Getting plaudits from like-minded supporters is nice for the ego. But the most useful advances generally come from people who may not believe you and are prepared to spend a lot of their time looking for holes in your work. These people may be rude – they may have a grudge against you – they may not behave politely (and I have seen far worse than your example on the net). Nevertheless, these are the people who will test your hypothesis the best.

    If they try as hard as they can, and can only come up with minor amendments or made-up objections, then you know you have succeeded. This is the benefit you gain from releasing your work in sufficient detail to ‘someone who wants to find fault with it’.

    • I appreciate the thoughts Geezer. I do science because it’s interesting and useful. I would say the best reviewers are those who are simply the most objective, neither excessively critical nor lenient. If a reviewer has an attitude that leans either way, it’s most likely to come through in their decision. The problem is that during the peer review process, if you run into reviewers intent on keeping your paper from getting published, they will indeed make up the necessary objections to do so. This is exactly what happened in my case, but I’m still fully confident of what I’ve done nevertheless. And also, the other issue in play here is idea theft–people do that too.

    • And as I mentioned, its primarily the demanding attitude of “give me your code, now” that is aggravating, especially when the necessary information to do one’s own evaluations, has already been provided.

  2. Jim, it appears that the scientific world is seeing a shift. There are those that want to eschew the “old” peer review system. Throw your research onto the net and let everyone have a go. If you embrace this attitude, then post your code. However if you feel that the peer review script is solid and you prefer this route, then no code until published.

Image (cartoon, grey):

• DeNihilist, I’m solidly among those who believe that the peer review process has significant problems and can be greatly improved upon. This is a tough situation to be in and I’m considering it as carefully as I can.

  3. Hi Jim,
    Thank you so much for your dendro series. I understand enough to be fascinated but not enough to ask intelligent questions.

    As a software developer and former small business owner I am familiar with intellectual concerns. Your code is your property..

    The work you are doing to share your results to folk like me is wonderful. We partake as a privilege not a right. There is nothing wrong with having us wait patiently for you to get published and subsequently share what you want. After all, those of us who have been concerned about the “science of treenometers” for many years have gone without your systematic treatment. We can go without for a few more months or years.

    • Thank you for the kind words and the patience Robert, they are greatly appreciated. Scientific results/knowledge should be as fully open to the public as possible, and it’s up to all of us to try to make it so. And of course, a lot of people are trying their best to do just that, people that you never hear about, doing what they can every day to make that happen.